study done in another country, 60 percent of people with hypothyroidism felt better when taking both T3 and T4, compared to taking just T4. Thank you for the helpful information in your column. DEAR READER: Hypothyroidism (underactive thyroid) can be a somewhat complex issue. The area about which you have written, subclinical thyroid disease, is particularly complicated. Until adequate scientific studies have been performed, it will continue to be difficult to determine at what levels treatment should be given when levels fall within those gray areas. You are correct in that there are very real and sometimes serious consequences in not treating hypothyroidism. These can

barren parcel of federal land, treated it as their own and made something from nothing. Their efforts were rewarded with the deed. While homesteading is a thing of the history books, policy that stopped development didn’t begin until the 1970s. Initial results of a new study indicate that major industries once prevalent in the West, such as logging, cattle ranching and mining, have moved out — in fact, been chased out. Instead of exporting, we now import. What happened in the ’70s to change federal lands management? The birth of the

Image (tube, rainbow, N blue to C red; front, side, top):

include heart disease, goiter (enlarged thyroid gland), infertility, peripheral neuropathy and myxedema (cold intolerance, drowsiness, profound lethargy and unconsciousness). These are most commonly associated with longter m uncontrolled hypothyroidism. Women with untreated hypothyroidsm who are pregnant, have a higher risk of having child with birth defects. The child may also be more likely to have serious developmental and intellectual problems. Babies bor n with hypothyroidism who go untreated past the first few months of life are at risk of serious mental and physical development problems. DEAR DR. GOTT: I strongly disagree with your readers who want See GOTT, Page A5